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Death Mountain or a UFO Site?

Updated on March 3, 2013

The Ural Mountains

Home to Mystery or Aliens?
Home to Mystery or Aliens? | Source


In the Ural Mountains of the Soviet Union in 1959, nine climbers mysteriously died.

Although the cause of death or the circumstances as to why they died had not been determined, two months after the incident occurred, it was classified as secret.

Details of the incident were only released in 1990.

Although since the release of the information several investigations have taken place, the circumstances still remain a mystery

The Incident

On 23 January ten students set out on an expedition to travel to and climb Otorten Mountain, in the northern Urals. Each student was an accomplished skier and climber.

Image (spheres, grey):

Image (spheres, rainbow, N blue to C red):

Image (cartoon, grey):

After a few days, one of the students, Yudin, had become sick and had to turn back. The others continued on what was intended to be a 3 week adventure.

The students had planned to return to Vishai by February 12. When they had not returned on the planned day, not too much attention was paid as the team was known to be well experienced. It was only on February 20 that a search party was sent out.

The students, all dead, were found on February 26 on the slopes of Kholat-Syakhyl (Mountain of the Dead in the local Mansi language).

They had apparently died on the night of 1-2 February, but how?


On reaching the climbers campsite, the search party found their tent which had apparently been torn open from the inside. A Geiger counter that they had with them, started beeping rapidly and loudly. The student’s diaries indicated that every thing was fine in the evening when they had set up camp.